ASP.NET MVC - Models

To learn ASP.NET MVC, we are Building an Internet Application.

Part VII: Adding a Data Model.

MVC Models

The MVC Model contains all application logic (business logic, validation logic, and data access logic), except pure view and controller logic.

With MVC, models both hold and manipulate application data.

The Models Folder

The Models Folder contains the classes that represent the application model.

Visual Web Developer automatically creates an AccountModels.cs file that contains the models for application security.

AccountModels contains a LogOnModel, a ChangePasswordModel, and a RegisterModel.

Adding a Database Model

The database model needed for this tutorial can be created with these simple steps:

  • In the Solution Explorer, right-click the Models folder, and select Add and Class.
  • Name the class MovieDB.cs, and click Add.
  • Edit the class:
using System;
using System.Collections.Generic;
using System.Linq;
using System.Web;
using System.Data.Entity;

namespace MvcDemo.Models
public class MovieDB
public int ID { get; set; }
public string Title { get; set; }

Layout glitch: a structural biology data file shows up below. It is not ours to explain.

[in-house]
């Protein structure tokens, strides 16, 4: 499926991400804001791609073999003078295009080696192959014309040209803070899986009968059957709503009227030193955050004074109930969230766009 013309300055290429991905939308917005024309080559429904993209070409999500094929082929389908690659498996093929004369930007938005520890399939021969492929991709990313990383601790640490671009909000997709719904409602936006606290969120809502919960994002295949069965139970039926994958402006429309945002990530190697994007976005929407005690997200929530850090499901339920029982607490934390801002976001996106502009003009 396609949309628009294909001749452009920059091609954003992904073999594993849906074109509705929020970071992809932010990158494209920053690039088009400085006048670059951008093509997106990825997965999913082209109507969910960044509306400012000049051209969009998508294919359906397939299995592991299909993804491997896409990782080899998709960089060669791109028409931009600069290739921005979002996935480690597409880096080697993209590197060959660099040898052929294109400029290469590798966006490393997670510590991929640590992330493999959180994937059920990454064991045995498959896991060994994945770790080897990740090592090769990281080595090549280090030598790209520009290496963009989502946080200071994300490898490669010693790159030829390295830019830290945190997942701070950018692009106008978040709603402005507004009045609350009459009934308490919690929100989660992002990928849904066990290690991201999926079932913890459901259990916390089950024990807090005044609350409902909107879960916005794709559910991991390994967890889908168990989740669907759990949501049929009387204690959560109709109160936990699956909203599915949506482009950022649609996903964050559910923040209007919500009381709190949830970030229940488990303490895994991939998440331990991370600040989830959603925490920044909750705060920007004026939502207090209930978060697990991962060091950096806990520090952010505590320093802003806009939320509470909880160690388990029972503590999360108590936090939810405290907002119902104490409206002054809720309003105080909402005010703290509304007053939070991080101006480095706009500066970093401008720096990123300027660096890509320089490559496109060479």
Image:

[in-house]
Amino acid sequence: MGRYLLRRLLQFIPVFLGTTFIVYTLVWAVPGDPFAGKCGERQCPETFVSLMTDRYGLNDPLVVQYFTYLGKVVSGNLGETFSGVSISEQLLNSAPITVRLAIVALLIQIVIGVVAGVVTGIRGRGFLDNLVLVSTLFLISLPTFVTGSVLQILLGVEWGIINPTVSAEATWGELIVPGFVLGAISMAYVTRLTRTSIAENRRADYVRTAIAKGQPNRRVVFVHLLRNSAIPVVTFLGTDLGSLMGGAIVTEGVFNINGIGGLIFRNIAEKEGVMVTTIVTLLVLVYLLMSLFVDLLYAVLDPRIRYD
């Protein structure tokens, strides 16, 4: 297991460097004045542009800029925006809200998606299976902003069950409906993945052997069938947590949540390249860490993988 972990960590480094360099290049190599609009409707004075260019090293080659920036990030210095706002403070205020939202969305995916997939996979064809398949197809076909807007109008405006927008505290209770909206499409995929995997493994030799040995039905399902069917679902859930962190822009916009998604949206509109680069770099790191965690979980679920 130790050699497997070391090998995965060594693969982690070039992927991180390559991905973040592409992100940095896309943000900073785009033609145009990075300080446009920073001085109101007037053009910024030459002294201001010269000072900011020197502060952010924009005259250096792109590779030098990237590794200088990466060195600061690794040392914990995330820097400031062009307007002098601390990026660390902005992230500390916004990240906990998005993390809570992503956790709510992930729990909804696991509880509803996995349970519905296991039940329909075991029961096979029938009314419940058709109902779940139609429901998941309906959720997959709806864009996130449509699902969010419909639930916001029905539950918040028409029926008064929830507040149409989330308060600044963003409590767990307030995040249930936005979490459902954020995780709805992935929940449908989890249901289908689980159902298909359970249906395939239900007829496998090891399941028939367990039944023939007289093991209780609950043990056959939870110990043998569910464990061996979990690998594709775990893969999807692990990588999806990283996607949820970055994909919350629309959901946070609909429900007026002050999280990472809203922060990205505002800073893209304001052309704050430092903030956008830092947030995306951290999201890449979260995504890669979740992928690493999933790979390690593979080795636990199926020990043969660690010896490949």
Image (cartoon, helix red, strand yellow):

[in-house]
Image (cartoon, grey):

public string Director { get; set; }
public DateTime Date { get; set; }

public class MovieDBContext : DbContext
public DbSet<MovieDB> Movies { get; set; }


We have deliberately named the model class "MovieDB". In the previous chapter, you saw the name "MovieDBs" (ending with s) used for the database table. It looks strange, but this is the naming convention you have to use to make the model connect to the database table.

Adding a Database Controller

The database controller needed for this tutorial can be created with these simple steps:

  • Re-Build your project: Select Debug, and then Build MvcDemo from the menu.
  • In the Solution Explorer, right-click the Controllers folder, and select Add and Controller
  • Set controller name to MoviesController
  • Select template: Controller with read/write actions and views, using Entity Framework
  • Select model class: MovieDB (MvcDemo.Models)
  • Select data context class: MovieDBContext (MvcDemo.Models)
  • Select views Razor (CSHTML)
  • Click Add

Visual Web Developer will create the following files:

  • A MoviesController.cs file in the Controllers folder
  • A Movies folder in the Views folder

Adding Database Views

The following files are automatically created in the Movies folder:

  • Create.cshtml
  • Delete.cshtml
  • Details.cshtml
  • Edit.cshtml
  • Index.cshtml

Adding a Connection String

Add the following element to the <connectionStrings> element in your Web.config file:

<add name="MovieDBContext"
connectionString="Data Source=|DataDirectory|\Movies.sdf"


Congratulations. You have added your first MVC data model to your application.

Now you can click on the "Movies" tab :-)

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